A composable / interoperable architecture reduces technical debt and improves organizational agility. Instead of relying on a single monolithic system it enables a decoupled, orchestrated configuration of best-of-breed solutions that can be sourced both internally and externally. It affects much more than just the bank’s IT systems, enhancing its operating model, products, experiences and talent management—including even its business model. 

Gartner in 2021 researched more than 2,300 organizations. In its paper titled Composable Applications Accelerate Digital Business, it said those firms characterized by high interoperability and composability reported significantly greater business performance and revenue, and lower risk and cost, than their peers. 

For banks to embrace interoperability and composability and to adopt this hybrid approach, they must: 

  1. Re-visit their organizations, the principles underpinning their talent and culture, and their operating models. 
  2. Define the North Star for their quest for interoperability and composability. They should think big and then start small, building the minimum foundational architecture for interoperability.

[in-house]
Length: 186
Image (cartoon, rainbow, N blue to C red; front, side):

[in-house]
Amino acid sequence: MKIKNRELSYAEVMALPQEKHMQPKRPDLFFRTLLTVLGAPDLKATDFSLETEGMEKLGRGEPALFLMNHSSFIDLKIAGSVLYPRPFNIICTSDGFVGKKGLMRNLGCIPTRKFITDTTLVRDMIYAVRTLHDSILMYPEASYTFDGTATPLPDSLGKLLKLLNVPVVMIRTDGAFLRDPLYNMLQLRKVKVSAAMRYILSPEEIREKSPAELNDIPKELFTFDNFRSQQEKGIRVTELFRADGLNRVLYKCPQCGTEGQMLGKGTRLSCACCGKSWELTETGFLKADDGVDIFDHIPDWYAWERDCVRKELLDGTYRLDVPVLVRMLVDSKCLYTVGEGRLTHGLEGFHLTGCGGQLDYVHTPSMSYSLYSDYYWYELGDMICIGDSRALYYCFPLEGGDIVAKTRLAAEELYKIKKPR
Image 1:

3. Create a pipeline of prioritized initiatives, aligned with their North Star, to minimize regrettable steps and ensure the timely delivery of targeted business outcomes. 

Building blocks of an interoperable / composable IT architecture 

To understand the interoperable/composable IT architecture, we must consider its various aspects. It starts with decoupling, which involves separating the different front-end, middleware and back-end engines through specific abstraction layers and patterns. This separation allows for easier movement and scaling of processes, domains, products and/or packages.